There’s a veil of mystery that surrounds the job of a quantity surveyor and what their roles entail, how you get into it and where the job takes you.
Our guide explains what a quantity surveyor does, how to become one and what opportunities it leads to.
What does a quantity surveyor do?
A quantity surveyor manages the costs related to building and civil engineering projects, from initial projections to the final figures. Their broad aim is to help get good value for money across projects, whilst still meeting the required quality and regulations.
Roles may differ depending on whether you work for a consultant or for a contractor, but here are some of the typical tasks you can expect:
- research a client’s needs and assess the feasibility of their plans
- work out the costs and logistics of a prospective project (e.g. the materials needed, quantities, time, labour etc.)
- negotiate contracts and work schedules
- review tender documents and contract variations
- liaise with clients and advise on any commercial issues as they come
- write reports on costs and prepare accounts for payments
What do you need to get there?
The majority of quantity surveying graduate schemes and graduate-level jobs require a quantity surveying or commercial management undergraduate degree that is accredited by the Royal Institution of Chartered Surveyors (RICS).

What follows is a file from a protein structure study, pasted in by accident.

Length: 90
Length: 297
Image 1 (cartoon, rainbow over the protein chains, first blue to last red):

However, graduates of any subject can complete a RICS-accredited postgraduate qualification and 'convert' to quantity surveying.
Useful subjects that transfer well to this career path are construction, structural or civil engineering, mathematics, geography and economics.
You could also start as a junior or trainee quantity surveyor, a surveying technician or surveying assistant, then study to become a quantity surveyor, or alternatively enter the industry through an apprenticeship.
In terms of skills, the core elements that you will need proven experience in are:
- numerical, IT and financial management
- organisation and planning
- creative problem solving
- negotiation and leadership
Where could this career lead?
When you join a quantity surveying firm, you might start out as a ‘graduate quantity surveyor’, ‘assistant surveyor’ or ‘trainee’, depending on the firm.
But as a newly chartered surveyor, you will then take on greater responsibility for projects.
Typical job titles around this stage include ‘quantity surveyor’ and ‘project surveyor’. You can then progress to more senior roles or work towards a full project management role.
Here is a typical career path you might expect from junior to senior:
- trainee quantity surveyor
- junior quantity surveyor
- senior quantity surveyor
- contracts manager
- senior contracts manager
- head of contracts
- vice president of contracts
Over time, many quantity surveyors specialise in a type of construction project (roads, as an example) or in a particular discipline such as civil engineering.
But as the career is so transferable, you could also move into other verticals, such as capital allowances and tax, legal services and dispute resolution or supply chain management.